Produced and distributed by Universal Pictures
Directed by Michael Mann
Screenplay by Michael Mann and Anthony Yerkovich
Miami Vice isn’t a film; it’s a cultural indicator.
This thought came to me as I was making my way off a plane coming home from Las Vegas. (I was traveling for business, not pleasure, if you must know.) In flight, I had been scribbling some desultory notes on Michael Mann’s $125 million retread of his 1980’s television series. As I inched my way to the plane’s exit, I noticed a boy of ten or eleven in a T-shirt bearing the scowling portrait of Al Pacino as Tony Montana, the Cuban-Miami cocaine entrepreneur of Brian De Palma’s lurid Scarface (1983). Groomed in character, Pacino was wearing his signature white suit and Caesar haircut, a .45 automatic hanging from the end of his right arm. What kind of parents, I wondered, would allow their son to wear such a shirt? No sooner had I asked this question than I had my answer. It was in my notes. The parents were obviously the kind who flock to films such as Miami Vice with junior in tow when they’re not playing slots in Vegas.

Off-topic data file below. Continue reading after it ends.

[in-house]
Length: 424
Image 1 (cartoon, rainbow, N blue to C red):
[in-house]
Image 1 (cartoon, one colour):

Miami Vice proves once more that, whatever harm contraband intoxicants have inflicted on America at large, they have always been a commercial boon...